V.34 Fax Training in a High Noise Environment
Suppose for the moment that you've been given the task of constructing
a V.34 fax demodulator from various pre-built demodulation routines you
happen to have laying around. Further suppose that instead of a clean
signal, you're expected to deal with a rather nasty/noisy signal, and
that you don't get to pick the 'easy' settings (such as four point
train) that might make it simpler to produce. Where do you start?
This is more difficult than it sounds, because the half duplex mode
used by V.34 fax has very fast setup times. V.34 is also a very
complex, very advanced modulation scheme. Fortunately, the part
discussed below is one of the simpler aspects.
There are usually four adaptive components you will need to deal with:
- AGC - this is typically standalone, obvious to understand, and
easy to jam.
- Baud Timing Recovery - this is also standalone, and usually
consists of a set of narrow filters with an active PLL to detect
- Equalizer - the output of the equalizer depends on the AGC and
- Phase Loop - this rotates the output of the equalizer prior
to equalizer update.
Since the phase loop adjusts the equalizer output which is used to
update the equalizer, these two active components are dependent on
each other. They are also configured in a feedback configuration,
and need to be carefully managed to prevent instability.
The AGC and baud timing should be brought up first, as they have
no dependencies and can often be jammed to reasonable values very
early in the startup sequence.
And now, a rough guide through the various phases. Some of these
may or may not work well for you depending on your situation.
1) - Detect the S sequences at the start of the training period. Use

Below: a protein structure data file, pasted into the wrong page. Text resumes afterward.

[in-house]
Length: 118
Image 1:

these to preset your agc and baud timing recovery as best you can.
Start running baud timing recovery and agc. Note that if it's not
possible to get good enough timing recovery or agc convergence at
this point, you may need to delay the start of the next step below
until a few symbols of PP have passed.
2) - At the start of PP, preset your equalizer and start feeding data into
it. PP is a periodic signal with 48 symbols, 12 points arranged in a
circle. Your equalizer should be preset, probably with a single real
tap, such that the output (combined with your previously jammed agc)
is statistically near the amplitude of perfect PP points.
3) - After your equalizer is full, start the equalizer and collect its
output in a buffer. Make sure you don't start the equalizer until after
the entire delay buffer is full of valid PP symbols. At this time you
should also jam the equalizer phase loop to zero.
4) - Collect the output of the equalizer for 48 symbols. This is a
full set of the periodic PP signal. After you have all 48 symbols,
cross correlate the equalizer output with the reference PP signal to
get both exact timing and the equalizer phase loop offset. Jam the
phase loop and equalizer update with this information.
5) - Start up the equalizer update, training on PP. You have six full
frames of PP to train on; the first one you used to fill up your
equalizer. The second one you used to derive fairly exact timing
for the phase loop and your training data. The remainder of PP
will be used to train the equalizer and optionally the phase loop.
Note that your phase loop should still be jammed at this point.
A note on equalizer training: the noisier your signal, the slower
you need to train. You should be training as fast as you can without
going unstable, but keep in mind that as the noise floor rises it
becomes much easier for the equalizer to diverge and much harder to
get a good train.
An additional note is that it may be worthwhile to only train the
center quarter of your equalizer during PP. Typically, most of the
large equalizer taps lie near the center, within a small range.
V.34 requires a large equalizer (40+ taps) for the densely packed
high-rate constellations, but for quick brute force training (on
a 12 point circle no less) you may be able to get substantially
faster convergence using only a quarter of your taps.
It may also be possible to improve the initial equalizer convergence
by using a more computationally expensive training approach, such
as an RLS or affine algorithm. A second order affine update is
often trivial to implement and can decrease convergence time if used
carefully. Typically these approaches are not required, as careful